But I’m a better driver now, I can feel it. I just can’t put any tangible metric to it.

/roast me

1 Like

Comparing lap times from two separate years isn’t going to really be useful in determining what has changed. Hell, Badger can vary up to a 1 second during the week until Sunday. Track conditions can change a lot just day to day and if it rained the day before it’s a complete crapshoot.

This might also be a hot take, but your side quest of racing in all 50 states with different karts, different tracks, different everything might be a hinderance to your progress as a driver. My opinion is that sticking to one class/kart/everything helps the driver become “one with the kart” better and builds comfort and confidence faster. Jumping around kart to kart and track to track and always being unfamiliar with your situation is always a tough ask.

And of course, if you’re finding you are plateauing or not progressing as fast as you’d like, maybe step back down to TaG or KA to focus in on all the fundamentals.

I agree with Rob that there is a fair bit of jerkiness in both hand movement and pedal work in all the clips you posted.

Are you able to compare data from these clips and see what your corner speeds, braking traces, etc. look like so you can see if you’re doing anything different or where the delta is coming from?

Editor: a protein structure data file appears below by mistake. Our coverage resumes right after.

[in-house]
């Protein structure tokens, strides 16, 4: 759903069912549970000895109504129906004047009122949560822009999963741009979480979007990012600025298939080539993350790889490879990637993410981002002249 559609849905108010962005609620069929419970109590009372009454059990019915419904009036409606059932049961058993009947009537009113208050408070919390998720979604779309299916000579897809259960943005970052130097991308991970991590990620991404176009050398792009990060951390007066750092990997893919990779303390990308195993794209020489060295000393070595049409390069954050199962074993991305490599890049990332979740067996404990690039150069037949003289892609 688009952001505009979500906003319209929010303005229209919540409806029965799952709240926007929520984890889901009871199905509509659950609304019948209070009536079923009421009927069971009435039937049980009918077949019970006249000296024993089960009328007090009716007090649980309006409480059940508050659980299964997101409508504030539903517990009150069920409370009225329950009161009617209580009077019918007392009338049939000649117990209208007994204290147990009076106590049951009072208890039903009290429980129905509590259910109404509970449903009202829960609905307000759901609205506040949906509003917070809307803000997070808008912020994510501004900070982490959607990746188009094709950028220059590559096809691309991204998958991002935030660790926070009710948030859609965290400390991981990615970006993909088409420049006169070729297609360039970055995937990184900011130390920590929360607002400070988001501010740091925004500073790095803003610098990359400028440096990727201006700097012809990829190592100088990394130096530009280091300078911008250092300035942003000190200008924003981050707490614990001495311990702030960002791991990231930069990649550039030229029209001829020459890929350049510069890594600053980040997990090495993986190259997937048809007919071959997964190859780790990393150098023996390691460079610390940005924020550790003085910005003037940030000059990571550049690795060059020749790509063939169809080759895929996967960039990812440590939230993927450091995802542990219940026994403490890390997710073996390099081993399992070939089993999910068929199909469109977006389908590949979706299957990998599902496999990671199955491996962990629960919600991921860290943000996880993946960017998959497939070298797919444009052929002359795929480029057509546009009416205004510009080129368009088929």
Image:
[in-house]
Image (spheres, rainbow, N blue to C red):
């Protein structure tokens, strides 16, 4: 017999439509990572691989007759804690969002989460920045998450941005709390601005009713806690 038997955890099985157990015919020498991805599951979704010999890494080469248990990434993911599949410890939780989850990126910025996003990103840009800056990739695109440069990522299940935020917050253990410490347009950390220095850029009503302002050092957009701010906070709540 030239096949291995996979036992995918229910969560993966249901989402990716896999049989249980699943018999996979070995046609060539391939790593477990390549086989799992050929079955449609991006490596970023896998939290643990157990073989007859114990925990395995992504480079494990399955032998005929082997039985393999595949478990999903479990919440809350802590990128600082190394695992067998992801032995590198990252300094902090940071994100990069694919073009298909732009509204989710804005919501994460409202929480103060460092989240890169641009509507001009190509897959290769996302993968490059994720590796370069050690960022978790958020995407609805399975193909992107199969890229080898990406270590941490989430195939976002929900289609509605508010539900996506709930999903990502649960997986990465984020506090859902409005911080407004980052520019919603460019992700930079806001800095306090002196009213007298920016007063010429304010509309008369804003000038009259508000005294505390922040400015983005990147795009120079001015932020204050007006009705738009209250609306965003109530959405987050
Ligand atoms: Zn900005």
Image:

Colm: “can I remind you that you race go-karts and I know how that conversation goes at parties”… :crazy_face:

It was a great loss (to us) when he decided to focus on corporate stuff/etc.

@jd896 can you give details about your experience with KartClass for those of us who have never paid for lessons with them? Private lesson? Lead and follow? Specific cues or skills or drills they worked with you? Chassis adjustments? Pricing? Track time?

That line makes me laugh every time!

at a track like 61 Kartway where i race the track is very sensitive to the amount of kart that have been running on track. and recent rain. unless its a raceday i have a hard time determining if my pace is where i want it because the track can gain 1.5 to 2s throughout the day on raceday. not to mention the 1s it gains on a practice day. before the race. racing with compatition or having a couple guys that run with you on a practice day always helps me determine where im at. you need some kinda of bench mark each day. someone thats going to tune or push you to go faster or show what pace the track has or desont have even. when riding solo just be as smooth as possible adjust to what you feel and ignore the laptime in my opinion. just my two cents! -comng from a briggs guy